What Could Possibly be in There?
Last Monday, the defense motioned to seal the plaintiff’s motion to subpoena the Price, Ward and Zaborsky phone and e-mail records from Verizon. Now, taking that one step further, the defense has moved towards the wholesale opposition of the plaintiffs even getting a look at the records.
This just into the clerk’s office:
08/12/2010: Defendants’ Joint Opposition to Plaintiff’s Motion for Issuance of a Commission Asking the Supreme Court of New York, New York County, to Issue a Subpoena Compelling Verizon Communications, Inc. to Produce Defendant’s Telephone and E-Mail Records from the Relevant Time Period Filed.
Saturday’s item by the Post’s Keith Alexander had this: “…attorneys for the three men objected to the records request, arguing that it is a violation of their clients’ privacy.” (emphasis ours)
Why do simple privacy concerns not make sense here? Discuss, after the jump.
In the government’s obstruction case, phone and e-mail records were also pulled. The defense may have motioned to keep them out of that trial as well, but those efforts failed. We learned that a thorough examination of the communications traffic by the USAO yielded no smoking guns.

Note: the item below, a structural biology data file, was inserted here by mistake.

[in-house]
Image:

So what is it then? At the trial, by way of e-emails and cards, we heard of strains in the relationships, with Dylan Ward possibly pulling away from Joe Price, and friction between Joe and Victor. Perhaps there is something in these records that did not make into the government’s sanitized case.
Something the defense may consider prejudicial? Something more inflammatory than we have already seen? That’s what we’re hearing.
We hope to have this joint defense motion later today (if that isn’t sealed) to see what can be divined from the language. We’ll update and post the document when he know for certain.
Until then, we’re just left to wonder what parts of these records the defense is so hell bent on keeping private.
-posted by Craig